The Shtetl

2 0
  • image-0-thumb
  • image-1-thumb
  • image-2-thumb


The buildings are brightly coloured which makes the houses appear child-like and friendly. It almost feels as though we are witnessing a childhood memory.

  • What other techniques does the artist use to convey the impression of ‘dreams’ or ‘memory’ ?
  • Given the biography of the artist, why might she have chosen to depict the Stetl scene in this way?
  • What evidence of the traditional shtetl way of life can we see in the painting?

The telegraph pole and the street lamp show the influence of the modern world.

  • Is there any other evidence of the modern world in the painting?


Chana Kowalska was born in 1904 in Wlockawek, Poland and was the daughter of a rabbi. She started drawing at the age of 16 and became a school teacher at the age of 18.

In 1922, she moved to Berlin and later to Paris. She worked as a journalist and wrote articles about painting for Jewish newspapers.

During the Second World War she worked for the French Resistance. Arrested by the Gestapo, she was first imprisoned with her husband, then deported and shot by the Nazis in 1941.

For more information about the art resources of the Ben Uri gallery in collaboration with the London Grid for Learning click here.

The painting shows a traditional village ‘Shtetl’ in Eastern Europe during the 1930s.

A Shtetl is the Yiddish word used to describe the small towns or villages of Jewish communities which were commonly found in Russia or Poland during the 19th and 20th centuries. The village’s population consisted mainly of Jewish residents although non-Jewish residents also resided within some of these communities.

The Shtetl was typically seen as a rural market town, with the residents living a simple life centred on religion, community, family and tradition. All of these activities focused on living the life of a ‘good Jew’.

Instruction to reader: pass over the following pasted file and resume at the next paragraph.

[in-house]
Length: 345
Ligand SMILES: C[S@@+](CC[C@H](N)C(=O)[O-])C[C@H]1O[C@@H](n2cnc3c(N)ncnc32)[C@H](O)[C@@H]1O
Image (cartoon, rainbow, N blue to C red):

Life in the Shtetl however began to change with the economic and political upheavals of the 1900s across Europe and Russia.

As in all industrial countries of the age, the rural population began moving into the rapidly expanding industrial cities. This was particularly prevalent in Soviet Russia where the ruling Bolshevik or Communist party placed great emphasis on industrialisation and production targets through measures such as Stalin’s Five Year Plans. As a result of these changes many Jews and non-Jews alike moved out of the countryside and away from rural life.

In Kowalska’s painting we see a view of everyday life in these communities. The old way of life continues, here the residents are seen fetching their own water from the communal well, but it is being encroached upon by the new industrial world. The telegraph wires and street lamps show the arrival of modern amenities. 

Entire villages rounded up

In 1941, less than 10 years after this painting was produced, the Nazis breached their pact with Stalin and invaded Russia. In the months that followed over 500,000 Soviet Jews were killed by Nazi soldiers.

By 1942 Nazi leaders were looking for more organised and faster methods of killing, in January of that year they met to discuss the ‘Final Solution to the Jewish problem. In many cases entire villages were rounded up and deported to labour or concentration camps. The Holocaust physically wiped out any semblance of these villages from Eastern Europe.

Today this distinct folk/traditional way of life is often remembered and celebrated by the descendants of those villagers who emigrated before the war began, many of whom settled in areas as far afield as America.